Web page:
In its simpler, handheld form, the catapult immediately conjures images of a hard object being propelled at high speed in order to have maximum impact – and, in most cases, inflict damage. However, for their songwriting competition, the Katalys Crew of musician/producer Paul Barclay and singer Shalom, have adjusted the spelling of the word to ‘katapult’ and, with that, have changed the process from swift deployment and the objective from causing hurt.
The Katapult music development contest was launched last September in Spanish Town, St Catherine, during the Katalys Crew’s Shub Out community initiative.
Explaining the project’s structure to The Gleaner, Barclay said “Community Shub Out is about how we intend to take message music further in the communities.”
The initiative is especially geared towards persons aged three to 29 years old. Similarly, Katapult has a youth focus, a release from the organisers saying it aims to “unearth, stimulate and influence the musical output, especially the writing of the Jamaican youth, especially young men ages 15 to 25”.
In ‘katapulting’ participants’ music aspirations, there is training in the business of music. It was stipulated that the entries respond to a number of themes, among them no crime and violence, domestic and relationship violence, and love heals the family, community and nation. The first community Katapult visit was slated for Kingston 11, which includes areas such as Waterhouse and Olympic Gardens. The latter community is also the venue for a Community Shub Out and Black History Month event on Saturday, February 24, at the Olympic Gardens Civic Centre, 119B Olympic Way, featuring Luciano.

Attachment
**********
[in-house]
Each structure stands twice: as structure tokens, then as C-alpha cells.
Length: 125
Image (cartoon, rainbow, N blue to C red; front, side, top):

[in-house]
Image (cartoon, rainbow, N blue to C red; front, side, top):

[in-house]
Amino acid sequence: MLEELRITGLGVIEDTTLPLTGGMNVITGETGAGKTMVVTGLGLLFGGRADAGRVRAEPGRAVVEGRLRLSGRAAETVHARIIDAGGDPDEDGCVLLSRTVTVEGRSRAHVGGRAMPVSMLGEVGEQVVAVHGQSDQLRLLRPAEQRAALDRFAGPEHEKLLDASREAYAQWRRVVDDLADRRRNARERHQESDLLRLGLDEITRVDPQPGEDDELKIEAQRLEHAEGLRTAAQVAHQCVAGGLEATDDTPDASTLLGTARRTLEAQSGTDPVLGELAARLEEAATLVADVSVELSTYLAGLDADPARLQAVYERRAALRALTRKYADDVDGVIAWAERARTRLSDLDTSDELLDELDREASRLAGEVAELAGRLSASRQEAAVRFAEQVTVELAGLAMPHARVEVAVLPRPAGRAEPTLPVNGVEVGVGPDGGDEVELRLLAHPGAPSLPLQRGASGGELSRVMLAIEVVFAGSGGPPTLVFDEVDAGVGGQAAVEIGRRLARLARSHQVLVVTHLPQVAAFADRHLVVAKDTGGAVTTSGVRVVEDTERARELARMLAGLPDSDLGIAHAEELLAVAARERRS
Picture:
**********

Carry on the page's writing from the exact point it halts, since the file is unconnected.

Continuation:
The Katalys Crew is also working on its own productions and keeping an eye on opportunities outside Jamaica. Barclay said some of the over 10 songs they have recorded are God Only, Conqueror, Chant and Trodding On.
“There is a music label in Europe that is very interested in our work. We are hoping the company will come on board and market the album,” Barclay said.